Key report on the health of the UK’s high streets is published

22 February 2019

This Thursday saw the publication of a new report by an influential group of MPs which looked at what could be done for the UK’s ailing high streets.

The Chair of the Housing, Communities and Local Government Committee, Clive Betts MP, said it was likely that “the heyday of the high street primarily as a retail hub is at an end”. However, he added: “This need not be its death knell. Local authorities must get to grips with the fact that their town centre need to change; they need to innovate setting out a long-term strategy for renewal, reconfiguring the town centre and finding new ways of using buildings and encouraging new independent retailers.”

The report concludes that out of date planning polices and high business rates were “stacking the odds against businesses with a high street presence and this must end”.    

This comes after many well known high street names have disappeared or have been forced to reduce store numbers as they struggle to compete with online retailers, increased business rates, a slowdown in consumer spending and uncertainty over Brexit.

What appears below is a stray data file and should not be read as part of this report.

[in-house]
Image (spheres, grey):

The report states that the Government needs to go further to help those on the high street, arguing that “tax reforms are needed to level the playing field between online and high street retailers, and we urge the Government to investigate all the options in this area, including an online sales tax”.

The reaction to the report has been mixed, with CEO of Sports Direct Mike Ashley suggesting a 20% tax on online sales, whilst Helen Dickinson, the Chief Executive of the British Retail Consortium, takes the view that such a tax would do more damage than good, stating: “With eight of the top ten internet retailers also having physical shops, it is clear than an online tax would further damage the high street.”

Interestingly, the report encouraged the Government to overhaul planning rules to make compulsory purchase orders less unwieldy and expensive, to give local authorities the ability to action more physical changes to their high streets.

Although the report will put pressure on the Government to implement a more drastic package to help revive high streets, the majority of the report’s suggestions will likely take months or years to implement, which may be too late for many of the retailers who are only just hanging on. Nevertheless, it is encouraging that the high street and town centres are being looked at more seriously than ever, with a range of uses being considered which will inevitably lead to changes in how we view our high streets and shopping areas.

If you would like to view the report, you can do so here: